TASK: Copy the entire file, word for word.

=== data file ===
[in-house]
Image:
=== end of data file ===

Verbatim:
[in-house]
Image: